Fish and Game enforcement
Man sentenced for illegal buck MARSHALL COUNTY, Minn. -- A Newfolden, Minn., man has been sentenced to pay nearly $1,100 in fines and restitution for illegally taking a whitetail buck during the 2009 firearms deer season in Marshall County. Joel ...
Man sentenced for illegal buck
MARSHALL COUNTY, Minn. -- A Newfolden, Minn., man has been sentenced to pay nearly $1,100 in fines and restitution for illegally taking a whitetail buck during the 2009 firearms deer season in Marshall County.
Joel Olson, 50, was ordered to pay a $585 fine and $500 restitution for unlawful transportation of wild animals. As part of a plea agreement, the court dropped misdemeanor charges of attempting to take game from a public highway and failure to register a deer.
The court also placed Olson on two years' probation and stayed a 30-day jail sentence for two years.
According to complaint reports filed at the time of the November 2009 incident, Olson was charged after Department of Natural Resources conservation officers received a tip through the state's Turn in Poachers hotline that someone had shot a deer from the road more than half an hour before the start of legal shooting hours Nov. 8, the second day of deer season.
The investigation eventually led the officers to Olson's residence, where they sized a 14-point buck that was caped and tagged with his hunting license.
Charges dropped against wildlife official
MINNEWAUKAN, N.D. -- Court officials in Benson County, N.D., recently dropped charges against a tribal game official on the Spirit Lake Indian Reservation.
Andrew Morin, director of the Spirit Lake tribe's Fish and Wildlife Department, had been charged with misdemeanor counts of interfering with the rights of hunters and trappers and criminal coercion.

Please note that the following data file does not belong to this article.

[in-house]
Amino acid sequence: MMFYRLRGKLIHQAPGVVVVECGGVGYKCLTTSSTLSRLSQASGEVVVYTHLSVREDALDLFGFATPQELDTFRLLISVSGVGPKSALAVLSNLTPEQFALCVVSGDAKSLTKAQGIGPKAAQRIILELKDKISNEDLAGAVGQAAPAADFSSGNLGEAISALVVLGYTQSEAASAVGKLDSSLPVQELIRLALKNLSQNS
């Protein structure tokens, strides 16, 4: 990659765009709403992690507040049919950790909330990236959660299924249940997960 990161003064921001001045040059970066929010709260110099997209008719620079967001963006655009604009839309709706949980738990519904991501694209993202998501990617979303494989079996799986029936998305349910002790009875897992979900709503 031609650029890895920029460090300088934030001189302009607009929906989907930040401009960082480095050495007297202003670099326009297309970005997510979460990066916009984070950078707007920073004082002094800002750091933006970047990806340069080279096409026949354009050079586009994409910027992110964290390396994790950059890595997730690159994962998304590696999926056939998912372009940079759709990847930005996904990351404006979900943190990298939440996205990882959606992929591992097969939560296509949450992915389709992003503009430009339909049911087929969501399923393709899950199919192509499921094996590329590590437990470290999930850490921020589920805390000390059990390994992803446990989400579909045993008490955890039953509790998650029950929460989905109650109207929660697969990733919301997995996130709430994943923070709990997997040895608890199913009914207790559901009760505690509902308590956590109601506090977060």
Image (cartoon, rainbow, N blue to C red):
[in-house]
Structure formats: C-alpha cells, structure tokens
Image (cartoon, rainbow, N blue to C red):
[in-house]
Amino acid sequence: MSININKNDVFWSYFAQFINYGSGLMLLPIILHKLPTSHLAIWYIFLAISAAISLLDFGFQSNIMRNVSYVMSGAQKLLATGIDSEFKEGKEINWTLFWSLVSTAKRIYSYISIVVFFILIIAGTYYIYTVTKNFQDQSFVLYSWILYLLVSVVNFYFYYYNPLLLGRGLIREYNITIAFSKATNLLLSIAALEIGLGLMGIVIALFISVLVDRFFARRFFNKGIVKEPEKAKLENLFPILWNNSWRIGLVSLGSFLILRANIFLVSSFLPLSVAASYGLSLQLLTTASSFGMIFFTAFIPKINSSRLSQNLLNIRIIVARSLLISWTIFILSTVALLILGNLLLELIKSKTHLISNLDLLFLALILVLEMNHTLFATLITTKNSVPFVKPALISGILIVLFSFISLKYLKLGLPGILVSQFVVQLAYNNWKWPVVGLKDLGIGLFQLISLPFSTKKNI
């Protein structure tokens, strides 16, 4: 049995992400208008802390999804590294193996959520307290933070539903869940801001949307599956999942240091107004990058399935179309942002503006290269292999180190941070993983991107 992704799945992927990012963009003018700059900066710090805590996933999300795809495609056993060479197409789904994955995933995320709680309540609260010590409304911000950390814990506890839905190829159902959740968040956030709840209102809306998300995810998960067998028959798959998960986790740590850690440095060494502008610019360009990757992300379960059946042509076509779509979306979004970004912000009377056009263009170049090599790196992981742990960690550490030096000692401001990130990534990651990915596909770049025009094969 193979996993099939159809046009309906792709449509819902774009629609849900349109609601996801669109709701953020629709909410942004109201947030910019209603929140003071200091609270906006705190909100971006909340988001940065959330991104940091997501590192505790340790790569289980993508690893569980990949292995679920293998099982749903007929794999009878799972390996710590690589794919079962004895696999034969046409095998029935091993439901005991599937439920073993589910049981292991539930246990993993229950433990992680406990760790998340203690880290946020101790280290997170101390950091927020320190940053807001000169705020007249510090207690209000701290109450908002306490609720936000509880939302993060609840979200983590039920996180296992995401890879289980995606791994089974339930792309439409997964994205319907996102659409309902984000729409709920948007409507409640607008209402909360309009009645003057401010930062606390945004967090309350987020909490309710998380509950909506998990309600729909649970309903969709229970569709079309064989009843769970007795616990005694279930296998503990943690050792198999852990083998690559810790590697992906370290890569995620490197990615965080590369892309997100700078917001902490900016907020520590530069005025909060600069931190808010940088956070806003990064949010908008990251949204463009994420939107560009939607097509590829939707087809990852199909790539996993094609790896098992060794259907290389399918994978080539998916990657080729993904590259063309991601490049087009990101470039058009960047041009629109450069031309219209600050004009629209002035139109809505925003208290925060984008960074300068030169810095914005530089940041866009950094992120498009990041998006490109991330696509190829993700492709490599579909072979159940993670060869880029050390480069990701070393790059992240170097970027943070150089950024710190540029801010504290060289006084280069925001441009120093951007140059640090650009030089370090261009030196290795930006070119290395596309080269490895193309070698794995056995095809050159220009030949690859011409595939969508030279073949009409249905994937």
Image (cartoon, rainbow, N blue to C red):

Filed last December, the charges resulted after Morin reportedly approached duck hunters on private land on the reservation and told them they needed to buy tribal hunting licenses. The hunters, who were not Indians, had landowner permission to hunt the property. According to a Herald story published at the time, the land was on the reservation but classified as "fee simple" land -- privately owned and not managed by the tribe's Fish and Wildlife Department.
In late April, Judge Lee Christofferson dropped the charges.
Benson County Attorney James Wang did not immediately return a phone call Friday seeking comment on why the charges were dropped.
Family sentenced for baiting
MALTA, Mont. -- Members of a Minnesota family that owns property in southern Phillips County in northeastern Montana have agreed to pay $50,000 in restitution and fines for illegal baiting of big-game animals, hunting without licenses and/or permits, outfitting and other wildlife-related crimes.
Albert "Will" Carlson, 67, owner of the Blue Ridge Ranch in the Larb Hills area south of Malta, Mont., and son Todd Anthony Carlson, 41, Inver Grove Heights, Minn., recently pleaded guilty to multiple misdemeanor charges in Phillips County Justice Court.
The Carlson family was ordered to pay a total of $42,615 in restitution to the state of Montana and $7,385 in fines. The father and son each will forfeit their hunting, fishing and trapping privileges for three years in Montana and states involved in the wildlife violator compact.
Another son, Troy Albert Carlson, 45, and Sandra Pearl Carlson, 49, also of Inver Grove Heights, will not be allowed to hunt in Montana for three years.
The sentences result from an investigation that began in fall 2008, when wardens began investigating complaints the Carlsons allegedly were leading illegal elk hunts at baited sites within the ranch, which borders the Charles M. Russell National Wildlife Refuge and the U.S. Bureau of Land Management's Burnt Lodge Wilderness Study Area.
Further investigation revealed a variety of criminal violations, including the hunting of big-game animals without valid licenses and other outfitting-related infractions. Additional illegal luring, baiting and feeding of elk were documented through video surveillance.
Earlier this year, Montana wardens went to Minnesota and Wisconsin and conducted nearly 50 interviews with hunters who were suspected of illegally killing or illegally possessing elk that had been taken from the ranch. The Montana wardens were assisted by officers from Minnesota and Wisconsin's state wildlife agencies.
According to Dirk Paulsen, a field warden with Montana Fish, Wildlife and Parks, charges are still pending against 11 out-of-state residents and the outfitter.